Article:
Cyber threats are one of the principal risks facing UK businesses, with 81% of large businesses and 60% of small businesses suffering a cyber security breach last year (according to a survey released by the Department for Business Innovation and Skills, available here). However, many business leaders are largely unaware that cyber risks can be insured and underestimate the extent of their existing cover, according to the Cabinet Office’s March 2015 paper on “UK Cyber Security: The Role of Insurance in Managing and Mitigating the Risk”.

The term ‘cyber threat’ covers a broad range of risks - both accidental and malicious - ranging from the cost of reconstituting data and software lost as a result of deletion or corruption, cyber crime (eg direct financial losses caused by IT fraud or theft), business interruption (eg loss of profits due to systems going down), cyber extortion, the cost of responding to a privacy breach event (eg a data protection breach), reputational damage and the significant costs of investigating and responding to any cyber incidents. 

Many CEOs overestimate the extent of their existing cover for these cyber risks. 52% believed they were covered under existing policies when in fact, statistics from surveys commissioned by insurers Marsh and Zurich, show that less than 10% actually were. We expect that this misunderstanding stems from the fact that traditional insurance policies providing cover for commercial general liability, property and business interruption often contain significant exclusions for cyber attacks and damage to intangible property such as software and data, leaving businesses exposed. 

Getting to grips with risk

The Cabinet Office’s paper seeks to assist businesses in plugging this gap. 

Recent Government research found that 22% of small businesses admitted they simply “don’t know where to start” with cyber security and larger firms had still not fully addressed risks such as their exposure from third party suppliers (eg cloud computing providers). 

The Government recommends that considering cyber risk insurance cover should go hand-in-hand with internal steps to address risk, for example:

  • A risk governance structure (such as a board risk committee and risk officer) which operates independently of executive management;

  • A comprehensive recovery plan covering financial, operational and reputational functions; and

  • Stress-testing the organisation’s financial resilience to possible threats.

The Government’s new Cyber Essentials industry-backed scheme provides initial guidance to businesses on how to put in place adequate security controls and builds on existing Government guidance for small and large businesses. Insurers operating in the SME sector have agreed to incorporate compliance with the Cyber Essentials standards into applications for insurance, with a view to opening up the market to SMEs.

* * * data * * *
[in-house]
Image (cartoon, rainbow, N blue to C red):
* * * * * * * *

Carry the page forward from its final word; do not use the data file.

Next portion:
Consider cyber risk insurance 

Businesses should review existing insurance policies to establish the extent of cover for cyber risk and consider obtaining either a standalone or bolt-on cyber risk policy. To maximise the chances of achieving the right level of cover:

  • Choose a reputable broker and consider asking the broker to provide a formal statement on the level of existing and potential cyber cover to the board;

  • Conduct an assessment of the specific risks faced by your business and shop around for appropriate cover – cover for expenses arising from data protection breaches and data loss and software damage is usually offered but cover for reputational damage is less common and cover for direct losses arising from intellectual property theft (which is hard to quantify) may not be obtainable;

  • Establish the amount of cover required and what caps are acceptable by trying to quantify the possible costs of potential breaches eg of network business interruption or the investigation and regulatory responses in relation to cyber attacks;

  • Find out what level of due diligence the policy requires and ensure the standard is met - some policies may not cover losses due to breaches occurring before the insurance was purchased and due diligence enquiries might identify cyber attackers already operating within an organisation;

  • Look for cover for the costs of notifying third parties potentially affected by data breaches but be aware that many policies place limits on the number of individuals that can be notified and the methods of notification. Cover for the public relations outfall from data breach scenarios is also desirable;

  • Ask whether the trigger for cover is an event which results in the loss of data or a claim arising from that event which is made against the insured and notified to the insurer during the policy period. Policies which cover only claims made against the insured tend to be more restrictive in scope so it may be worth paying more for a policy in which cover is triggered by the event and subsequent loss;

  • Establish the territorial scope of the policy – many cyber risk insurance policies restrict cover to the UK and this may not be sufficient if employees frequently travel abroad with laptops and PDAs holding confidential information, which could be lost or stolen;

  • Find out whether unencrypted devices are covered by the policy, if these are used by staff; and

  • Consider what exclusions apply – the cyber insurance market is still in its infancy so terms are not yet standardised and it is unclear how far insurers may seek to rely on exclusions (for instance, to rely on an exclusion for acts of terrorism or war in the event of an attack by a foreign nation). If in doubt, seek advice from your legal team.